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Are Silver Fillings Harmful To Thyroid Health?

Many people have silver fillings, which are also known as mercury amalgams.  I just recently attended a nutritional conference, and one of the presenters mentioned that 80% of people have more than one mercury amalgam.  And while it’s not uncommon for me to work with patients who already had their amalgams removed, most people I work with still have one or more silver fillings.  While getting them removed might seem like a wise decision, sometimes the risks of removing amalgams can outweigh the benefits, which I’ll discuss in this blog post.

It probably makes sense to start off by discussing what a silver filling/dental amalgam is.  Dental amalgam is a mixture of metals, which consists of approximately 50% mercury, and a powdered alloy composed of silver, tin, and copper (1) [1].  While you can see that amalgam fillings do have silver, the main reason they are referred to as “silver fillings” is due to their silver-like appearance.  I’ll use the terms “silver fillings” and “mercury amalgams” interchangeably throughout this blog post.  The reason why they have been used by dentists to fill cavities for many years is because they are long-lasting, and they are the least expensive filling material.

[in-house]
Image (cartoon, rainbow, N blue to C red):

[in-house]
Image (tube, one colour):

While many dentists no longer recommend mercury amalgams to their patients, unfortunately some dentists still do use these as the primary fillings in their practice.  Keep in mind that even the FDA reveals that low levels of mercury vapor are released by dental amalgams, and can be inhaled and absorbed by the lungs.  And while they still consider dental amalgam fillings to be safe for adults and children (ages 6 and above), there is controversy over this.

What Are The Risks Associated With Silver Fillings?

The International Academy of Oral Medicine and Toxicology (IAOMT) has done a lot of research regarding the risks of dental amalgams.  If you visit their website you’ll see plenty of references showing that mercury vapor is released from dental mercury amalgam fillings at higher rates during brushing, cleaning, clenching of teeth, and chewing.  But why is it a concern to be exposed to mercury, especially when it seems like a small amount?  The reason is because exposure to even small amounts of mercury can have harmful effects, and the same thing applies to other toxic metals.

Mercury Amalgams During Pregnancy and Breastfeeding